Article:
Microsoft Office Tutorials and References
In Depth Information
Chapter 14: Introducing Ar-
In This Chapter
• Defining arrays and array formulas
• One-dimensional versus two-dimensional arrays
• How to work with array constants
• Techniques for working with array formulas
• Examples of multicell array formulas
• Examples of array formulas that occupy a single cell
One of Excel's most interesting (and most powerful) features is its ability to work with arrays in a formula. When
you understand this concept, you can create elegant formulas that appear to perform magic. This chapter intro-
duces the concept of arrays and is required reading for anyone who wants to become a master of Excel formulas.
Chapter 15 continues with lots of useful examples.
Introducing Array Formulas
If you do any computer programming, you've probably been exposed to the concept of an array, which is a col-
lection of items operated on collectively or individually. In Excel, an array can be one-dimensional or two-dimen-
sional. These dimensions correspond to rows and columns. For example, a one-dimensional array can be stored
in a range that consists of one row (a horizontal array) or one column (a vertical array). A two-dimensional array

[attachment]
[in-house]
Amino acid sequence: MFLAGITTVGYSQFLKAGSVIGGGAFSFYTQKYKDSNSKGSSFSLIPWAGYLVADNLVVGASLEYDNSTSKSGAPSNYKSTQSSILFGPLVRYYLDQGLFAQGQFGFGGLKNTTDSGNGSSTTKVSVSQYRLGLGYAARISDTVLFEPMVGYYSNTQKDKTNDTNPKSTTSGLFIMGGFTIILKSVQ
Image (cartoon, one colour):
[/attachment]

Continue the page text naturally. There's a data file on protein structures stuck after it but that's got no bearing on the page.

can be stored in a rectangular range of cells. Excel doesn't support three-dimensional arrays (although its VBA
programming language does).
As you'll see, though, arrays need not be stored in cells. You can also work with arrays that exist only in Excel's
memory. You can then use an array formula to manipulate this information and return a result. Excel supports
two types of array formulas:
Multicell array formulas: This type of array formula works with arrays stored in ranges or in memory, and
produces an array as a result. Because a cell can hold only one value, a multicell array formula is entered into
a range of cells.
Single-cell array formulas: This type of array formula works with arrays stored in ranges or in memory, and
produces a result displayed in a single cell.
This section presents two array formula examples: an array formula that occupies multiple cells and another array
formula that occupies only one cell.
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